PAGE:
Florida Statutes Section 713.05 allows both a contractor and its subcontractor construction liens for the same work– but they both can’t be paid for that work.

Did you know that a contractor and a subcontractor may each claim a lien for the same work on a project.  However, the contractor and the subcontractor cannot both recover damages for the same work.  Florida Statutes Section 713.05 allows both a contractor and a subcontractor to maintain separate construction liens for the same work if there are not multiple recoveries on payment for that work.  While Florida Statutes Section 713.05 prohibits a double recovery; it does not prohibit separate parties from filing and enforcing separate claims of lien for the same work.  See Plaza Builders, Inc. v. Regis, 502 So. 2d 918, 922 (Fla. 2d DCA 1986) (applying Section 713.05, Florida Statutes, and holding that “[a] contractor’s award is not to be reduced by a subcontractor’s claim unless the subcontractor has filed a lien and recovered thereon”).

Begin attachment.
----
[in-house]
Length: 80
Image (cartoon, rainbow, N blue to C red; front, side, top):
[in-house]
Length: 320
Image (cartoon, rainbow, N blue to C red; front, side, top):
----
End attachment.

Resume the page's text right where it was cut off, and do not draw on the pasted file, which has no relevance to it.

The insurance company wants my sworn statement and/or an examination under oath, what do i do?

Sworn Statements and EUO’s (Examination Under Oath)

A EUO is a sworn statement that will bind you under the law that insurance companies try to use to their advantage. After a loss, your insurance company may demand that you sit for an EUO or provide a recorded sworn statement. This is an intimidation tactic commonly used by the insurer under the guise of investigating your claim. This is not done to help you. Rather, this is done to poke holes in your claim and support an insurer’s decision to deny or under pay your claim. Getting you to sit for a quasi deposition is yet another way the army of adjusters, investigators, and attorneys working for them will do everything in their power to intimidate and persuade you to accept less than your policy says you deserve. Contact Friedman Legal and we will provide you with the counsel and guidance you need.